State leaders say Valley farmers can profit from ag tourism growth

The Fresno BeeJune 30, 2014 

Two top state officials for agriculture and tourism paid Fresno a visit Monday to talk about how local growers can benefit from the fast-growing trend of agritourism.

About 60 agriculture and business leaders gathered at the California State University, Fresno campus to hear Food and Agriculture Secretary Karen Ross and Caroline Beteta, Visit California's chief executive officer, explain how the CA Grown and Visit California brands will work with Sunset and Food and Wine magazines to promote agritourism.

Self-proclaimed foodies want to see where their meals comes from and meet the farmers behind this farm-to-fork movement.

"It's about, 'here's what farmers and ranchers are doing as your neighbors,' their environmental stewardship," said Ross. "It's about the pride of what we produce here, and it's about this wonderful lifestyle and supporting the economy at the same time."

Fresno County is the top producing agriculture county in the nation with the value of the 2012 crops reaching $6.5 billion. Of the $112 billion spent on tourism in 2012 in California, about a fourth of that was spent on food.

That same year, tourism brought $1.3 billion to Fresno County, according to Ross. Much of this is due to Yosemite tourists, the Blossom Trail and Fruit Trail, she said.

The Blossom Trail is a self-guided motor and bike tour of blossoming orchards along Fresno Country roads. The Fruit Trail is similar to a wine trail and features a drive through the county where visitors can taste and purchase local produce fresh from the farm.

The University of California at Davis runs the agricultural tourism directory for the state. Penny Leff, the agritourism coordinator with UC Davis and the Small Farm Program, said that from 2007 to 2012, agritourism has really picked up in California.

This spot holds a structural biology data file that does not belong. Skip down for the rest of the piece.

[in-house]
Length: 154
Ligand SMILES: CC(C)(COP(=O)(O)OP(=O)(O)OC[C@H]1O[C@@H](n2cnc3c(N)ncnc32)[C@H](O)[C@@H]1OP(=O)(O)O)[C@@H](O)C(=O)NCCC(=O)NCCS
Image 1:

"Most families don't have anyone on the farm anymore to go visit," said Leff. "Farmers are interested in educating the public in what's going on, what goes into making the food. They really want to share with the public and make them understand."

According to UC data, the amount of sales from agritourism and recreation services has increased 84% in the state from 2007 to 2012, to $64.5 million.

A Sanger couple has seen the rise of agritourism first hand. Debbie Van Haun and her husband, Jim, own a bed and breakfast with a winery attached. She said that during the busy summer season, the area could use more businesses to handle all the tourists.

Van Haun said that most of their business comes from tourists traveling to Yosemite or Sequoia Kings Canyon National Parks, but they do see local couples trying to get away for an anniversary weekend.

"It's a lot of hard work and is a labor of love," Van Haun said. "We moved here thinking agritourism would make a difference in the area and it has."

The couple opened Sequoia View Bed and Breakfast first about 15 years ago, and fixed up the vineyard in 2003. They produce 130 barrels, or 7,800 gallons, of mostly red wines annually.

Van Haun said that the Blossom Trail and Fruit Trail have increased the agritourism in the Sanger area, and the couple attributes much of the credit to the Fresno County Office of Tourism.

With the booming wine industry and traffic picking up at the bed and breakfast, Van Haun said she is seeing their revenue return to what it was in 2008.

Through CA Grown and Visit California, the state hopes to create the kind of interest in locally grown food to rival the desire people have for California wine, Beteta said.

The reporter can be reached at (559) 441-6279, htraceynoren@fresnobee.com or @HtraceyNoren on Twitter.

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